• Painters of Reality: The Legacy of Leonardo and Caravaggio in Lombardy

    A major loan exhibition exploring the rich tradition of naturalism in painting of the North Italian region of Lombardy — most famously expressed in the works of Caravaggio — will open at The Metropolitan Museum of Art on May 27, 2004. Painters of Reality: The Legacy of Leonardo and Caravaggio in Lombardy, will feature some 80 paintings and 40 drawings that document the region's distinctive emphasis on observation of the natural world, beginning in the 15th century, with Leonardo da Vinci's stay in Milan, through the 18th century. A central figure in the exhibition is Caravaggio, through whom this naturalist approach came to Rome and became of key importance to Baroque art there and throughout Europe. On view through August 15, 2004, the exhibition will also feature works by such notable exemplars of the Lombard school as Lorenzo Lotto, Giovanni Girolamo Savoldo, Giacomo Ceruti, and the important women artists Sofonisba Anguissola and Fede Galizia. This will be the first time that this great school of Italian painting will be presented in the U.S.A in such depth.

  • Echoing Images: Couples in African Sculpture

    Couples in African art and how that theme has been expressed in 30 cultures across the continent are explored in an exhibition at The Metropolitan Museum of Art, beginning February 10, 2004. Featuring some 60 works in wood, bronze, terracotta, and beadwork that were created between the 12th and the 20th centuries, Echoing Images: Couples in African Sculpture will provide for the first time a dynamic range of artistic commentaries on human duality. The works on exhibition draw primarily from important public and private collections in the New York area, including the American Museum of Natural History, the Brooklyn Museum of Art, and the High Museum in Atlanta.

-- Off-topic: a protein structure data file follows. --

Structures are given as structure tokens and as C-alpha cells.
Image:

• Poets, Lovers and Heroes in Italian Mythological Prints

    Printmaking revolutionized artistic production in the 15th century by allowing artists to create numerous impressions from a single matrix and distribute their work to a wider audience then ever before. Italian artists from Mantegna to Canova embraced the medium, focusing their efforts largely on depictions of scenes from Greek and Roman mythology. A new exhibition exploring the Italian passion for mythological prints that started in the Renaissance and lasted into the early decades of the 19th century opens on February 3, 2004, at The Metropolitan Museum of Art. Drawn from the Metropolitan Museum's collections, Poets, Lovers, and Heroes in Italian Mythological Prints showcases more than 100 woodcuts, engravings, and etchings, as well as illustrated books, by such artists as Jacopo de' Barbari, Marcantonio Raimondi, Ugo da Carpi, Agostino and Annibale Carracci, Salvator Rosa, and Giovanni Benedetto Castiglione, among others.

  • Dazzling Byzantine Treasures Displayed in Major International Exhibition at Metropolitan Museum, Opening March 2004

    As the triumphant Byzantine general Michael VIII Palaiologos entered Constantinople on August 15, 1261, carrying aloft the famed icon of the Virgin Hodegetria, the city's eternal protector, he initiated an artistic and intellectual flowering in Byzantium, and among its East Christian rivals, that would endure for nearly 300 years. The restoration of the "Empire of the Romans" – the basilea ton Rhomaion – just 57 years after the fall of Constantinople to the knights of the Fourth Crusade in 1204, encouraged faith-inspired art of astonishing beauty and widespread influence.

  • "People of the Twentieth Century": August Sander's Photographic Portrait of Germany

    Approximately 150 images by the pioneering German photographer August Sander (1876-1964) will be on view at The Metropolitan Museum of Art beginning May 25, 2004. The photographs are drawn from the artist's most famous project, People of the Twentieth Century (Menschen des 20 Jahrhunderts), which was envisioned as a comprehensive visual record of the German populace.